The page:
Ueda Shizuteru (born 1926) occupies a special position in the Japanese intellectual landscape of today: as the successor of Nishitani Keiji (1900-1990) at Kyôto University's Institute for Religious Studies he belongs to the core of the Kyôto School of Philosophy founded by Nishida Kitarô (1870-1945), while at the same time being its last representative in the strict sense of the term. Furthermore, he has made himself known in the field of religious studies with his analyses of medieval german mysticism during the last decades – especially Meister Eckhart – as well as with thoroughly instructive interpretations on the history and thought of Zen Buddhism. In spite of the great variety of his works and his regular publication of books and articles – a great amount of his writings and speeches are published in German and English – Ueda has up to this day hardly been noticed by his European colleagues. I will therefore attempt an introduction into the profundity and interconnectedness of Ueda's philosophy. His religio-philosophical anthropology, the “problem of the self”, which he addresses in a great number of his analyses, thereby serves as constant basis of interpretation. A problem providing an easy approach to Ueda's considerations is the picture text of the Ten Ox-Herding Pictures (first published in English translation in Suzuki Daisetsu's Essays in Zen Buddhism First Series 1949). This series originated from the Zen Buddhism of 12th century China, where it served as a kind of meditation manual for both monks and the laity, and is in itself equipped with commentary and poems. Even more than in China the pictures gained popularity among the Japanese laity – in the Edo period (1600-1868) they may well have been the most commonly read Zen text. Ueda takes up these ox-herding pictures and conducts by exact pictorial analyses and texual interpretations – while also referring to the complete body of the Zen tradition – a careful study of Buddhist practice. He comes to the conclusion that the advancing progress of meditation and practice, in which the practitioner distances himself from his mistaken state of being and approaches his essential existence, opens up into the “trinity of the true self,” as depicted in the last three pictures. This true self is an existence which has utterly deserted the plane of ignorant distinctions and dualities in the Buddhist sense and participates unhindered in reality, in fact is congruent with reality such as it is. That is, practice itself is rendered meaningless with the negation of conceptualized dichotomies in total: the last obstacle of one's own enlightenment is broken through into an area which can only be grasped as the nothingness depicted in picture eight. But the series does not deteriorate into nihilism; the radically consequent negation of attachment gives birth to confirmation, the “position” of reality as such (picture nine), out of the negation of negation itself. In the process of practice, negation of practice and negation of negation the self comes into the state of being in which nothingness and being and self are inseparably interconnected. Ueda's precise formula is the “self as not-self,” whose dynamic and playful action can be seen in picture ten - the encounter of self and other as the socially effective reality of the true self. Ueda finds a counterpart for his religio-theoretical speculation in Nishida's philosophy of pure experience and the theory of place (bashô). With these, he brings the experience of the Zen practitioner into an understandable and above all discursive form. At the same time theoretically conceptualized philosophy is made clear in its meaningfulness in the living, lived world. Ueda's phenomenology of self is shown to be structured as a twofold „being-in-the-world“: the self is existing and taking place in its actual, concrete environs, while at the same time and always being surrounded and permeated by the equally actual absolute nothingness. In Ueda's thought, the interconnection between the existentially performed process of Zen experience and the philosophy of place is mutually beneficent: thinking as such is concretized and unfolds its practical significance nowhere more clearly than in the last ox-herding picture, while Zen Buddhism is shown to be an also philosophically suggestive complex, which provides a vantage point from which East Asian religiosity can be considered in a new light . In conclusion, Ueda's philosophy of religion can be said to derive from the concrete, existential experience and to find a valid formulation in the critical application of philosophical terminology. Insofar as Ueda is attempting to express and transmit this experience rather than trying to explain it systematically, his is a phenomenology in the basic sense of the term.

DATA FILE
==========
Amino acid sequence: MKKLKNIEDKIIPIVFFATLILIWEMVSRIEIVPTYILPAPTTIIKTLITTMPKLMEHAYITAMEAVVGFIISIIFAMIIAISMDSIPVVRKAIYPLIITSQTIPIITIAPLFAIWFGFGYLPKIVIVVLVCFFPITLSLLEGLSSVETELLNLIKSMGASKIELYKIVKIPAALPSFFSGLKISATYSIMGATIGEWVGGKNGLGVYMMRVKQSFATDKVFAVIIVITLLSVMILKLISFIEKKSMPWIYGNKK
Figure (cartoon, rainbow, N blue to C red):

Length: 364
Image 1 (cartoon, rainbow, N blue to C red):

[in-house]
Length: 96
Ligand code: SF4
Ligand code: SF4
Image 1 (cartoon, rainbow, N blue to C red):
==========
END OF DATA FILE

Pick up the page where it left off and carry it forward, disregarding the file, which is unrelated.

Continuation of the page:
see S. Ueda, “Das wahre Selbst—Zum west-östlichen Vergleich des Personbegriffs,” in Fernöstliche Kultur, Festschrift for Wolf Haenisch (Marburg an der Lahn, 1975), pp. 1-10.
Ueda, Shizuteru, “Emptiness and Fullness: Śūnyatā in Mahāyāna Buddhism,” James W. Heisig and Frederick Greiner (trans), The Eastern Buddhist, Spring 1982, 15.1: 9–37. (Outlines many of the contours of Ueda's understanding of Zen by way of interpreting the Ten Oxherding Pictures.)
Ueda, Shizuteru, et al. "Ten Ox-Herding Pictures - The Phenomenology of Self." Chikuma Shôbô. Tokyo, Japan. 1994.
Ueda, Shizuteru, “Nothingness in Meister Eckhart and Zen Buddhism with Particular Reference to the Borderlands of Philosophy and Theology,” in Transzendenz und Immanenz: Philosophie und Theologie in der veränderten Welt, ed. D. Papenfuss and J. Söring (Berlin, 1977), trans. James W. Heisig.
Ueda, Shizuteru, O nada absoluto no Zen em Eckhart e em Nietzsche
Nat. hum. v.10 n.1 São Paulo jun. 2008
The Kyoto School: An Introduction
by Robert E. Carter
Suny Press, 2013, 258 pp.
Nishitani Keiji (1900–1990): The Ten Ox-herding Pictures